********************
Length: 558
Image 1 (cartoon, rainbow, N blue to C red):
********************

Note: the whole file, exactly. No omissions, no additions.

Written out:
Length: 558
Image 1 (cartoon, rainbow, N blue to C red):